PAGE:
CORE: Dell N4032 (126.96.36.199) Access: Dell N2048 (188.8.131.52)
We are in the process of setting up a serviced office that will serve multiple businesses. Each "customer" will naturally be on their own VLAN, and each VLAN will require access to the Internet and some other VLANs.
There will be some open VLANs like a "Public Print" VLAN and so forth. There will also be "Server" VLANs which potentially all other VLANs will need to access (or some may not, i.e. filtered)
We have core L3 switches, 20 L2 Access Switches and two HA firewalls.
The question is whether we do the routing for the VLANs on the L3 switches themselves, or via the Firewall.
My thoughts - if we route via the firewall (i.e. Router on a Stick), all inter-VLAN traffic is going to have to go via our Firewall device, which will naturally put on a load on it's overall throughput (especially with DPI enabled). The pro being it's a hell of a lot easier to configure the firewalling between the VLANs this way.
If we route via the L3 switch, we benefit from the full throughput of the firewall for the WAN (which will be a 1Gbps connection), but the con being having to use "Policy Based Routing" on the 2 Core Switches which is generally a pain to administer.
Is there a best practice in a situation like this? What should I consider to make a decision?
The issue using the ACLs on the switch is as follows.
- There is a maximum of 100 ACLs
- We will have "Customer VLANs" that will require access to the Internet, to a VOIP VLAN, a Server VLAN and Print VLAN.
- They however should not have access to the other "Customer VLANs".
Problem is all "Customers" will be within one /16 - i.e.
[Parent subnet being 10.100.0.0/16] Customer 1 - 10.100.0.0/24 Customer 2 - 10.100.1.0/24 Customer 3 - 10.100.2.0/24
I need to apply the ACLs on the VLAN so when traffic hits that VLAN it is blocked from accessing other customer VLANs.
Currently I have something like this:
1000 deny 10.100.0.0 0.0.255.255 192.168.50.0 0.255.255.255 1010 deny 10.100.0.0 0.0.255.255 192.168.60.0 0.255.255.255 1020 permit any any
This is then applied to all Customer VLAN interfaces. This solves the issue of blocking access to Server VLANs and other private VLANs, however, this doesn't prevent these VLANs from then accessing other customer VLANs (within the 10.100.0.0/16).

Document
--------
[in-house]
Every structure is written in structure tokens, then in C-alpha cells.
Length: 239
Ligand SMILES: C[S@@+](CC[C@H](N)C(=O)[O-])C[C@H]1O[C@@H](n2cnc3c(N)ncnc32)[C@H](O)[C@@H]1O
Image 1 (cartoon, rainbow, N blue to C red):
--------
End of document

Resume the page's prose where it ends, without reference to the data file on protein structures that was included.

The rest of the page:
Problem is we could end up having 50 plus customers, which would mean an inconceivable number of ACLs (given each ACL can only have 10 entries, and each ACL would need an ACE for every other customer). This hits the max number of ACLs the switch supports almost instantly.
I just can't see another way of doing this at this stage without using our firewall as a "Router on a Stick". Any advice is greatly appreciated.
Strange a I attempted this today with an ACL on a Customer VLAN as below (applied "IN" on the interface)
1000 deny 10.100.0.0 0.0.255.255 192.168.50.0 0.255.255.255 1010 deny 10.100.0.0 0.0.255.255 192.168.60.0 0.255.255.255 1015 deny 10.100.0.0 0.0.255.255 10.100.0.0 0.0.255.255 1020 permit any any
When applying suggested ACL below - it prevents access between devices on the same VLAN. The ACL is L3:
ip access-list Block_Customers 1000 deny ip any 10.100.0.0 0.0.255.255 1020 permit any any !
However, then, two devices on this VLAN, with IPs that can speak to each other i.e. 10.100.1.0/24, can no longer ping one another. If I remove the ACL, they once again can ping each other.
This is wrong right, my traffic on one VLAN is L2, why is this L3 ACL applying?
If I apply the ACL as suggested and...
Two devices on the same VLAN on different switches, they cannot ping in each other (without the ACL they can ping so the trunks must be working). They can ping the Internet.
Two devices on the same VLAN, on the same switch, they can ping each other, but can no longer ping the SVI IP Address on the core switch on that VLAN. They can however ping the Internet, so traffic can reach that IP.